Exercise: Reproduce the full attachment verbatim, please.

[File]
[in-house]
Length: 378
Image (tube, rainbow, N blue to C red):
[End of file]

[in-house]
Length: 378
Image (tube, rainbow, N blue to C red):